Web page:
Missouri "Facebook" law
Fri August 26, 2011
Missouri judge blocks Facebook limits for teachers
Updated 4:19 p.m. with comment from the Missouri State Teachers Association and Missouri State Sen. Jane Cunningham, the sponsor of the original bill which became law
From Todd Fuller of the Missouri State Teachers Association:
“It’s a sigh of relief for all teachers throughout the state who use social media, and it allows them to continue to use it in the positive way that they’re already using it and continue to interact with their students the way they have been.”
From Missouri State Sen. Jane Cunningham, R-Chesterfield, who sponsored the bill. She acknowledges that there’s been confusion over what the restrictions will and won’t do, and says she has a solution:
“We have come up with some language that we feel like is ready to go…we don’t need to punt for more input, (I’m) not opposed to it, but we’ve got some agreed upon language with the stakeholders and we’re ready to clarify that language.”
Updated 1:11 p.m. with Gov. Nixon's action
Gov. Jay Nixon says he will add the teacher Internet issue to the agenda for a special legislative session that begins Sept. 6. Nixon says he wants lawmakers to repeal the new law.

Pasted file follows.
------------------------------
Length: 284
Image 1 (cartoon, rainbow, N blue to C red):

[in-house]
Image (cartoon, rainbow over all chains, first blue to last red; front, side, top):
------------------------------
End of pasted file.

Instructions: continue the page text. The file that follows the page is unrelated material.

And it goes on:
His Friday announcement came shortly after a Missouri judge issued a preliminary injunction (see below) blocking the law from taking effect as scheduled on Sunday.
Updated 11:32 a.m. with link to full ruling
A Missouri judge has blocked a law restricting Internet communications between teachers and students from taking effect Sunday.
(You can read the full ruling here).
Cole County Circuit Judge Jon Beetem issued a preliminary injunction against the law Friday, calling it a staggering prohibition of free speech rights.
The judge's order puts the law on hold until at least February, allowing time for a hearing on whether the law should be permanently blocked.
Previously, the Missouri State Teachers Association filed suit against the law.
The Missouri law would have barred teachers from using websites that give "exclusive access" to current students or former students who are minors.
That would have meant that communication through Facebook or other social networking sites would have had to be done in public, rather than through private messages.
From NPR's All things Considered
MSTA / Education / Social Media
MO Statehouse/"Facebook" law compromise